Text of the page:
MoBay’s new mayor committed to ending Bogue lands saga
Despite being of a less forceful demeanour, Montego Bay’s new mayor, Leeroy Williams, has said he plans to match the assertiveness of his predecessor, Homer Davis, in his bid to settle the long-running Bogue lands saga, which has had the current St James Municipal Corporation (StJMC) administration and the persons occupying the controversial property on a collision path.
The occupiers of the multimillion-dollar property, who are primarily People’s National Party (PNP) operatives who were allowed to occupy the lands under a previous PNP administration, are contending that they are being unfairly targeted by the current Jamaica Labour Party (JLP). However, the current StJMC administration, which is challenging the sale arrangement that was offered to the occupiers, is also demanding millions of dollars in back rent.
“The sale of the Bogue lands is high on the agenda because from these proceeds, we intend to build a modern arcade on the site of the Old Shoes Market for small vendors,” said Williams, who has been quite close to the Bogue lands issues, having served as Davis’ deputy prior to the ascension to the top office.
Davis, who was on a relentless path to regularise the land dispute, which many have labelled a political football, was forced to cut his chase after he won a seat in the nation’s Parliament following the recent general election, which meant he had to demit office as mayor and chairman of the StJMC.
Following a 2018 report from the then Office of the Contractor General, which revealed that a previous PNP administration at the StJMC had breached the Government’s land-divestment policy when it tried to sell the lots to the occupiers based on a 2009 valuation in 2015, Davis, who had become the leader of the new JLP majority, launched a relentless campaign to reverse the breaches identified.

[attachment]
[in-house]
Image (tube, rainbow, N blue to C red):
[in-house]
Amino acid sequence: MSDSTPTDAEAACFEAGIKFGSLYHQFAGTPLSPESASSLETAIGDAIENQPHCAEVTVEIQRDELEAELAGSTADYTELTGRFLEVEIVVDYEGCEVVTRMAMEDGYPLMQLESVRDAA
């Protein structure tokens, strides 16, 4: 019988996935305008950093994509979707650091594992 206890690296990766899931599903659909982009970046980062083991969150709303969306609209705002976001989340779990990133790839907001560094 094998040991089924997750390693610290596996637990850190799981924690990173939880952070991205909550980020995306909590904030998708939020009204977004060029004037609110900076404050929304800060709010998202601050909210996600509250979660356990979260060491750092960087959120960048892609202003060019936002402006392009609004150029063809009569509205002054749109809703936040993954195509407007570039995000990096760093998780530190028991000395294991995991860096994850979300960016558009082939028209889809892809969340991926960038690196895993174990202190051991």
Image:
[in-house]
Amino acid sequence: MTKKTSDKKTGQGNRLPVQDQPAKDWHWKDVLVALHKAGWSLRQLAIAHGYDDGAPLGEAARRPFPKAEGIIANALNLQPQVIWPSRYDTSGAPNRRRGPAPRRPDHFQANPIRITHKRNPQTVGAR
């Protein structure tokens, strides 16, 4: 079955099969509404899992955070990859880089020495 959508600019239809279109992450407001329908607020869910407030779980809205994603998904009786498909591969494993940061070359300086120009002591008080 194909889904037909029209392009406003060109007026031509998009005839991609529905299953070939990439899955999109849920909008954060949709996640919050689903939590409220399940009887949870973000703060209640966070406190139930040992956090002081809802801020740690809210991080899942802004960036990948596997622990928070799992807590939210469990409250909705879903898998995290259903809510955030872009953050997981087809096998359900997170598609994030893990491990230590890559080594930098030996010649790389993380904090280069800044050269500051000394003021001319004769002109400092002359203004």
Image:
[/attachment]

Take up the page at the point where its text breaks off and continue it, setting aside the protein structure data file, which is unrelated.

GOING ON FOR A LONG TIME
“This is going to go on for a very long time because I think a serious injustice was done to the people of St James,” Davis said, as he launched his bid to scrub the controversial 2009 evaluation agreement as well as push to collect millions of dollars in outstanding rent.
“Under my stewardship, the current administration of the corporation will abide by the Government’s land divestment policy whereby the current valuation would be used at all times,” Davis stated then, in making his push.
The controversial five-hectare Bogue Industrial Estate property has been a source of much political wrangling over several years, with the JLP and the PNP taking contrasting views on how the lands should be disposed of. The property, which was valued at $700 million in 2015, features some 26 lots.
However, with a path to addressing the matter now in train, based on the actions initiated by Davis, Williams says he is committed to seeing the process through as plans are already in place for the monies they hope to generate from the sale of the property.
“Montego Bay sits on the cusp of greatness and I am confident that once the nation would have gotten over the challenges posed by COVID-19 and the perennial problem of crime and violence, the city will be well placed to fulfil its potential,” said Williams, in outlining his vision for the city.
“I committing to continuing the work (started by Davis) and in maintaining the high standard in ensuring that respect, accountability, transparency, cooperation, and commitment to the process remain upfront and centre in the activities of the St James Municipal Corporation,” added Williams.